“According to these studies, the feeling associated when listening to music can be sorted into two categories, perceived emotions (when we appreciate the emotional tone of the piece, but not feel that emotion ourselves) and felt emotions. Felt emotions are when we connect to the feeling behind the piece we are listening to and it can impact our emotional state.”
As someone who has worked in radio for 30+ years, I know first hand the connection that music has to memories. Do a google search on “music memory quotes” and there are plenty of them. One quote in particular holds true for the next point – from Michigan’s own, Stevie Wonder:
“Music has a strong tie to nostalgia.”
This is why hearing a song from your childhood may bring back memories of elementary school, a high school dance, or a major life event like it was yesterday. It’s also why listening to certain Christmas songs can make people feel warm, fuzzy and child-like. Part of the reason why Christmas music is associated with joy is not necessarily the music itself, but the memories that come with it.
So, listening to Christmas songs may make you feel nostalgic for your childhood or just generally happy, because your brain has already created positive associations with the music. And it’s been proven – research conducted by researchers at McGill University proved that when people listen to happy, upbeat music, they can recall happy memories within a short amount of time. The entire article can be found here:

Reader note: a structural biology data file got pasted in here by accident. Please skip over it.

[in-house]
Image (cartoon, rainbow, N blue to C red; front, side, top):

“In the experiment, the researchers had participants listen to four different genres of original music they had never heard before: happy (positive, high arousal), peaceful (positive, low arousal), scary (negative, high arousal) and sad (negative, low arousal). The researchers found that when the participants listened to happy, upbeat music, it brought about happy memories.”
That being said, there are Christmas songs that can bring about sad memories, too. So I guess there is that possibility, too. For the most part, though, Christmas music is happy and upbeat. That would suggest that listening to Christmas music brings about nostalgic thoughts which brings about happy memories and you being a happier person.
What’s my take on it?
While I don’t listen to Christmas music 24/7/365, I do have Christmas songs on my iPod. When I am listening to it and a Christmas song comes on out of season, it depends on my mood as to whether or not I am going to listen to it. There are some Christmas songs that I can listen to no matter what the season, because (as the latter study suggested) it makes me feel good or happy.
I remember when I worked at Honey Radio in Detroit, we would throw in “summer songs” when it was summer time. We’d play “Those Lazy, Hazy, Crazy Days of Summmer”, “Wonderful Summer”, “Summertime”, and others and then cut back on them in the fall and winter. I have never understood why songs like “Let it Snow”, “Winter Wonderland”, or “Jingle Bells” (which are basically winter time songs that never really mention Christmas) didn’t play throughout the Winter.
There are people who complain just because they like complaining. Bottom line is this – radio is free. You have many choices up and down the dial. There are many other stations that are not playing Christmas music 24/7, so if you don’t want to hear it – DON’T! Pop in a CD, listen to your Spotify, plug in a USB with your tunes on it, or find the satellite channel that plays the format you enjoy. Problem solved!
I have always looked forward to the Christmas season. People tend to be friendlier. People seem to be kinder. There is a sense of happiness that comes with the season. Elvis Presely’s “Why Can’t Everyday Be Like Christmas?” captures that sentiment. Just because you don’t want to listen to Christmas music, doesn’t mean that others don’t want to. Christmas music and the holiday season bring about a joy that seems to be lacking today – don’t be a Scrooge!